In my view, the learning and teaching processes are intimately connected. They are most effective if one feeds off of the other. The attitude and enthusiasm I bring to their training is also crucial to keep them interested, nurturing their curiosity and making learning fun. To engage students in the classroom I believe that a combination of main stream and dynamic methods are best. For a larger group, a well-prepared slide presentation will be effective. However, getting students to actively participate, and being part of the class will go further in making a long-lasting impact. In my experience, breaking larger classes into groups and encouraging them to interact with each other, will make the learning topics more amenable and students will be more comfortable asking questions. When teaching smaller groups, I prefer to use the board and encourage students to communicate what they have learned using this method as well. Visual aids are efficient in conveying the message we teach, but using a chalk talk tests your core knowledge of the topic and facilitates the simplification of concepts that may present as intimidating. Independently of the teaching method, the goal is to reach every student, taking into consideration that not all of them will respond to learning in the same way. I strongly encourage team work, taking full advantage of every one's individual strengths, by having them benefit the whole group. An effective strategy to promote collaboration among students in the lab is to have them share their expertise with each other. Although students may show interest in different fields of study, there may come the time when they will need to learn a technique or skill they had not encountered before. Being able to recognize and reach out to other group members who are proficient in that field will be invaluable as they learn how to network and build professional relationships.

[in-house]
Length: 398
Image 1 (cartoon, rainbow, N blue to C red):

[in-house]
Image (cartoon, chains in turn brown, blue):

Throughout my academic career I have trained students from many backgrounds. While in graduate school in Miami, I mentored students from a local community college and my own Ph.D. program, exposing me to a wide range of cultures and points of view that enriched my own experience as a student. My Ph.D. lab was very diverse, including members from at least seven countries.I am personally motivated to broaden my mentoring focus to engage underrepresented communities at the high school and college levels. It is important for students in these groups to see a path in science for them, as there was one for me, as a Cuban immigrant woman who had to navigate an unfamiliar American education system while adapting to a new culture. Not being familiar with the academic requirements and datelines involved in transitioning from one stage to the next in my academic journey contributed to unnecessary hardships that could have been avoided had I been exposed to the proper information and resources.
Despite the difficulties I encountered at different stages of my career, I was able to find opportunities to support my academic endeavors. I was awarded several scholarships at the college level that made my attendance to the University of Miami attainable. In graduate school I was awarded a four-year NIH fellowship that supports minority women in science, and during my first year as a postdoctoral fellow in Harvard, I was awarded the Dean's postdoctoral fellowship, specifically created to support underrepresented postdocs. As a mentor, I will share my experience and guide underrepresented students and fellows through funding and learning opportunities created to support their academic development.
Undergraduate Degree: University of Miami - Bachelor of Science, Biochemistry
Graduate Degree: University of Miami - Doctor of Philosophy, Biochemistry and Molecular Biology
Everything science and nature-related. I love reading non-fiction and watching classic movies. Baking is a challenge that I try to conquer. I enjoy cooking different world cuisines!
A Beginner's Guide: Excel
Graduate Level Biology
High School Chemistry
Technology and Coding